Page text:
It really was too absurd. Janet could not help fidgeting almost audibly."Are you there, Janet?" said Mrs. Freeman. "Go into the house, and ask Miss Patience to follow me down the road. And see that someone goes for Dr. Hart. Alice, you can come back with me. The rest of the little girls are to go into the playroom, and to stay there until I come to them.""It is delightful to have you back again," said Mrs. Freeman, bending over her pupil and kissing her. "And really, Evelyn, you look almost well. Oh, my dear child, what a fright I got about you last night."
CHAPTER V. BREAKING IN A WILD COLT.
Mrs. Freeman breathed a sigh of relief.
Dorothy was beginning to whisper to her companion that all their excitement was safe to end in smoke, when the door at the farther end of the dining hall was softly pushed open, and a head of luxuriant nut-brown curling hair was popped in. Two roguish dark blue eyes looked down the long room—they greeted with an eager sort of delighted welcome each fresh girl face, and then the entire person of a tall, showily dressed girl entered."Janet!""I never knew before that I had an enemy," said Janet, in her guarded voice.
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"Well, well," interrupted Janet impatiently, "have your own way, Olive. Make that tiresome, disagreeable girl a female Hercules if you fancy, only cease to talk about her. That is all I have to beg."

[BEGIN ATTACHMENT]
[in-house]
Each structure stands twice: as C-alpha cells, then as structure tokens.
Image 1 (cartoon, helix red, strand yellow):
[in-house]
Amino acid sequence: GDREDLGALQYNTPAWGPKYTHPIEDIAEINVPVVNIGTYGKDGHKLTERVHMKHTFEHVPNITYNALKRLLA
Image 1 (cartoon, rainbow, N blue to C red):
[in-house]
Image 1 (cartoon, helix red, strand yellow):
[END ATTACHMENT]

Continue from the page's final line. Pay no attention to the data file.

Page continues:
As she cut the blossoms off, she flung them into her white skirt, which she had raised in front for the purpose. Now, as she ran to meet Mrs. Freeman, the skirt tumbled down, and the roses—red, white, and crimson—fell on the ground at her feet.Olive left the room with slow, unwilling footsteps, and Janet bent her head over the copy of Molière she was studying."Pain and anxiety! I like that! You are just angry with me—that's about all!"
"I hate school," she said. "I want to go back to the Castle. Can I go to-day?"
"Come into the schoolroom with me," said Mrs. Freeman. She was wondering how it would be possible for her to keep Bridget O'Hara in her school.
As she was approaching the house she was met by Miss Delicia, who stopped to speak kindly to her.
Dorothy detached herself from Bridget's clinging arm, and ran quickly up the sloping lawn.